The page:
Are the Democratic-controlled Congress and President Obama very much pro union? Unquestionably. Do the economic effects of unions on the welfare of workers as a whole justify that union bias? No. Has their pro-union orientation seriously retarded the recovery from the recession? Probably. The following discussion tries to justify these answers.
The pro-union orientation has been demonstrated in many ways. Posner gives a few examples, and I will add some more. The automobile industry would not have been bailed out so generously were it not for the political power of the United Auto Workers. The alternative would likely have been bankruptcy without a federal bailout, which I favored. Bankruptcy without government involvement would have cut health and other fringe benefits of autoworkers more sharply, and might have led to more plant closings in the industry. It would also, however, have led to a more robust recovery of the surviving American auto companies, and possibly even in the longer run raised employment in auto plants located not in the South because wages and fringe benefits would then have been lower at these plants.
An important example this past week offers another illustration of the pro union orientation. For the first time the US has cited for labor violations a country, Guatemala, that is a free trade partner with the US. That the American government has the presumption to interfere in the labor policies of another country is disturbing in itself. All commentators agree, however, that it was done at the urging of American unions. This was likely an attempt to reduce the competition of goods and services from Guatemala and especially from other free trade partners-such as Mexico-for goods made by unionized American companies.
Congress tried to pass, and President Obama supported, The Employee Free Choice Act to eliminate private elections for union certification. Fortunately, enough moderate Democrats and Republicans have been able to beat back these proposals, and they have been shelved, perhaps only temporarily.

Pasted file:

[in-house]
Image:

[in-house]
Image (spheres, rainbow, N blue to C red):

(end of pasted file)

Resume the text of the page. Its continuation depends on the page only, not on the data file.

Economists distinguish competitive from monopoly unions. A competitive union system, like Japan’s, has unions at companies when the employees of these companies prefer to bargain collectively. However, competitive unionism does not allow a single union to control the majority of companies in the same industry, which is monopoly unionism. The US typically has monopoly unions, such as the steelworkers union, autoworkers union, or service workers union, but a long time ago the Clayton Act of 1914 explicitly exempted unions from anti-trust laws under most circumstances.
Monopoly unions do tend to raise the earnings and fringe benefits of workers in the industries where they exist. This is seen from the ridiculously high fringe benefits that the United Auto Workers unions squeezed out of American auto companies during the days when they were profitable but not well managed. Higher union earnings come partly at the expense of the profits of the industries unionized, but also at the expense of lower employment than would have occurred with more competitive wages and other benefits. The prospective employees priced out of jobs in unionized sectors seek employment in other sectors, which lowers the earnings of workers in these latter sectors. The net effect is a misallocation of labor compared to an efficient allocation, and possibly even a reduction in the income received by workers as a whole, including workers in the non-union sectors.
During this recession, wages did fall for many workers, but mainly among non-union workers. A telling example is what happened at many state and local governments that are in serious fiscal difficulties. Since wages of their union workers have been set by contract, they were forced primarily to cut wages of administrative staff and other non-union employees. For example, the state of Illinois has the largest fiscal deficit as a percent of its budget of any state. It required many of its high level non-union employees to take 24 unpaid leave days, or about a 9% cut in their salaries, since the state government cannot touch the wages of their many unionized employees.
As Posner indicates, only about 7% of all non-government American workers are unionized, compared to over 35% of workers at federal, state, and local governments. During the past 40 years, the fraction of unionized civilian workers fell steeply-and not only in the United States- while the unionization of government workers fell only a little. It might seem unlikely that workers which comprise only about15% of the total labor force would have a major effect on the speed of the recovery from the recession.
The real threat to a robust recovery on the labor side has come from employer and entrepreneurial fears that once the economic environment improves, a Democratic Congress and administration will pass pro-union and other pro-worker legislation that will raise the cost of doing business and cut profits. In this way the obvious pro-union-pro-worker bias of the present government has contributed to a slower recovery, especially in labor markets. This helps explain the depressingly slow decline in unemployment rates and in the number of workers who have given up looking for jobs.